President Dr Lazarus Chakwera has defied donor demands by continuing with Affordable Input Program.
At least 1.5 Malawians have started accessing government’s heavily subsidised farm inputs after President Chakwera officially launched this year’s AIP on Friday.
Donors have been demanding that the government phases out the program, saying it was a drain on public resources.
President Dr Chakwera said his administration would continue with the AIP, saying it benefits ordinary poor people who could not afford a bag of fertilizer at the commercial market.
A bag of fertilizer costs about K90,000 the country must get into serious agricultural productivity to turn around the economy.
Chakwera said the country must exploit the opportunities in the agriculture sector to produce more crops for both consumption and export.
He said Malawi must start generating its own funds through agricultural commercialisation to become self-reliant and be able to finance its development needs without relying on borrowing.
“The achievement of food security for every household in Malawi is one of this government’s priorities. Dependency cannot drive the country forward. Everyone in their homes, villages and towns must be self-reliant and that is what will earn us some respect.
“But if we are to be self-reliant, we have to adopt modern methods of agriculture and mechanise our farming.”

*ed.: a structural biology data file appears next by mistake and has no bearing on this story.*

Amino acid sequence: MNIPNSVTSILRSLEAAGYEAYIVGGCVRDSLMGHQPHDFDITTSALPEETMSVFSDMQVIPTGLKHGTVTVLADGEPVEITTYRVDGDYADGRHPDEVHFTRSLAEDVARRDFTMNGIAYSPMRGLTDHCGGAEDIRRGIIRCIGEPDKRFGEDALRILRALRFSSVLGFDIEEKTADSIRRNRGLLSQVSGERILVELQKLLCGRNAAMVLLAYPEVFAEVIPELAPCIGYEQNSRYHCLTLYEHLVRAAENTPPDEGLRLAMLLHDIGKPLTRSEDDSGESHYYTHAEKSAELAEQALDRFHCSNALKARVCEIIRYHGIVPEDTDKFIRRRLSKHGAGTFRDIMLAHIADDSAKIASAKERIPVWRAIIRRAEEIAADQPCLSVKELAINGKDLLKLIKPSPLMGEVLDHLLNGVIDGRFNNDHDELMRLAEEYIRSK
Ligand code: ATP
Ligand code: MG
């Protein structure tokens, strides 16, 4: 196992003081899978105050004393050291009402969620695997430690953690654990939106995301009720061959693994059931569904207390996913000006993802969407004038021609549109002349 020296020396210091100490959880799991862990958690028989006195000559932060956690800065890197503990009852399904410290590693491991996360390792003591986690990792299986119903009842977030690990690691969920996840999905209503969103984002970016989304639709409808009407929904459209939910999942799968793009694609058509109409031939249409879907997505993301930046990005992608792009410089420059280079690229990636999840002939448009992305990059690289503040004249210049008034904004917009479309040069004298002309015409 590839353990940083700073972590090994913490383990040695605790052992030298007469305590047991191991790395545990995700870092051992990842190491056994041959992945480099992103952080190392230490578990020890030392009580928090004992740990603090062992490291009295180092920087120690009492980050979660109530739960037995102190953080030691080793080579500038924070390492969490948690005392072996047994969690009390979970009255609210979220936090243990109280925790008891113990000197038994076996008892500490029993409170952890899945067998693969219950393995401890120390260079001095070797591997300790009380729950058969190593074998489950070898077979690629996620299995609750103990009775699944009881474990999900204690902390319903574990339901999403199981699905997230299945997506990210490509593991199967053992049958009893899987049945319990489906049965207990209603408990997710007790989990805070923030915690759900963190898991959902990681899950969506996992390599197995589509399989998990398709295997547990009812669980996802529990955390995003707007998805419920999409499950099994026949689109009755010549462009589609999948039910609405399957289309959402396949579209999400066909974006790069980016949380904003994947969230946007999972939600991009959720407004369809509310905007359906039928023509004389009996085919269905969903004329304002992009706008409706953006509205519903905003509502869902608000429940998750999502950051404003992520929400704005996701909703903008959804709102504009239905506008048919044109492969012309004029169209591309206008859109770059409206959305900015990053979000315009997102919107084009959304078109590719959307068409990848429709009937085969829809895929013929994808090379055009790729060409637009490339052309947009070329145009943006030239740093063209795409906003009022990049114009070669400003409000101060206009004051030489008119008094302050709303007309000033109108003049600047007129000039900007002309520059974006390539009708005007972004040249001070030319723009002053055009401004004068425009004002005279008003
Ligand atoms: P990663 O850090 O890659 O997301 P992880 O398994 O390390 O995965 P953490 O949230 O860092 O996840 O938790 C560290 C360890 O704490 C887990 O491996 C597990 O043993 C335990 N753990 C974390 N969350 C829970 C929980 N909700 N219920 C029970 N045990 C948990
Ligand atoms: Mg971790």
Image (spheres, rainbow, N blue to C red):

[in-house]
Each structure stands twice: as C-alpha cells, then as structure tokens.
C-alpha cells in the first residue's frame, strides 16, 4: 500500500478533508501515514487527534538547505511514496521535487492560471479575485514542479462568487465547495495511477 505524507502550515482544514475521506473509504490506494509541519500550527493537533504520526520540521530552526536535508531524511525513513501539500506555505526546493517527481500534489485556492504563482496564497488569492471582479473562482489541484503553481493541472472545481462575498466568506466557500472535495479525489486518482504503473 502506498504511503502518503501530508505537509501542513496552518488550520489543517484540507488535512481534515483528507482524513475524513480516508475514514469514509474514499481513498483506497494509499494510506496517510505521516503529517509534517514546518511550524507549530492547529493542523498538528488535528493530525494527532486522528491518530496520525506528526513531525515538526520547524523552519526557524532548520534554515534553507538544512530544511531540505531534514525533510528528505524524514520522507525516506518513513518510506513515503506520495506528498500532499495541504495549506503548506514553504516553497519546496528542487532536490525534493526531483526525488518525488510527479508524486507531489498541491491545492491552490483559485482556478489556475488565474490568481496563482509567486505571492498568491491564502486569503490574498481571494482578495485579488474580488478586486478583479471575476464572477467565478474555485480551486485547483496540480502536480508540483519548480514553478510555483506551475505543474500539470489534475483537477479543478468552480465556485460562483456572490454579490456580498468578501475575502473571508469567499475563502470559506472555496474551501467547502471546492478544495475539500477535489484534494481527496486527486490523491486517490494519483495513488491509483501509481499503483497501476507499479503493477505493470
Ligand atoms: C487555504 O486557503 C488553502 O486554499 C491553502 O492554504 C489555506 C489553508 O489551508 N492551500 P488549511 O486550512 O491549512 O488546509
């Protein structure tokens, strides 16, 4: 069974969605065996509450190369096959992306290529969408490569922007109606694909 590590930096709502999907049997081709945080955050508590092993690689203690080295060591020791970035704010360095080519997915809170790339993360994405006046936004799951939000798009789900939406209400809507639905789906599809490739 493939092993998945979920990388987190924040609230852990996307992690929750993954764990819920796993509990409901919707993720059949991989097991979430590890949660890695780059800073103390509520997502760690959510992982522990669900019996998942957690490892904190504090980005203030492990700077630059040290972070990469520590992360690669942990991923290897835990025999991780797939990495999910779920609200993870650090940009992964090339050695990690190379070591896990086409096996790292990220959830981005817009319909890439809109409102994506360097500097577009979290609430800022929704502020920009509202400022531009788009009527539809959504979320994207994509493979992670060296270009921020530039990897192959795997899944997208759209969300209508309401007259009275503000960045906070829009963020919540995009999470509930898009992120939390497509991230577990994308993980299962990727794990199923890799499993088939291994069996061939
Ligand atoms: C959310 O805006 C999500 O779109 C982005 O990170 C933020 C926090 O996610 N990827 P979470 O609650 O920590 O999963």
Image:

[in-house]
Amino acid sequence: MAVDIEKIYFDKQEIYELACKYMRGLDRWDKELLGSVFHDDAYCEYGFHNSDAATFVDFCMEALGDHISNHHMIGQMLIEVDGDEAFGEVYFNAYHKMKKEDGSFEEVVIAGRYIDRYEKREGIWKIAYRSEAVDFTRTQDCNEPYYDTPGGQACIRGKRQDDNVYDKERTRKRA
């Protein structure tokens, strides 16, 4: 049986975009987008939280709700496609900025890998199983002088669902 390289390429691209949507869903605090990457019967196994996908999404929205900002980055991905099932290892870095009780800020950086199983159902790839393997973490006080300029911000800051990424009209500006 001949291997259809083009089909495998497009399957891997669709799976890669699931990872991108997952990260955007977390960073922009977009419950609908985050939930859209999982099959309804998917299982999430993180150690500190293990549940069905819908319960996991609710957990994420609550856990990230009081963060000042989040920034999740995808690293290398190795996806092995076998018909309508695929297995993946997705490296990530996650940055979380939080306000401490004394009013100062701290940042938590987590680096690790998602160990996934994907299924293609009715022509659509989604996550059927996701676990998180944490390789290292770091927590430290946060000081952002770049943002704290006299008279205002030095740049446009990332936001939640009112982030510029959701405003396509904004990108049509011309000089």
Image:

He said Malawi cannot develop if it relies on debts hence the need for farmers to get into cooperatives as the country establishes mega farms.
“If we implement all these plans, Malawi will not be the same,” said Chakwera.
The President also directed the Ministry of Agriculture to ensure that this year’s AIP activities are concluded within 40 days, warning he will not allow the process to be abused.
Minister of Agriculture Sam Kawale said this year’s programme is earmarked to benefit 1.5 million people where 1.49 million farming households will benefit from fertiliser and seeds while the remainder will redeem goats.
Kawale said: “Government has put in place other programmes for those that will not be on AIP. We have beneficiaries under Social Cash Transfer and Public Works programmes and others under Agricultural Commercialisation (Agcom).
“If we add all the numbers, we will see that there are over 1 million people to benefit through these other programmes.”
He said 73 percent of the fertiliser needed under the AIP programme is already in the country, stressing that distribution has already started with hard to reach areas.
“This year, no one will sleep in fertiliser depots. As we are speaking, 55 transport contractors are already on the ground. Network glitches have been fixed,” he said.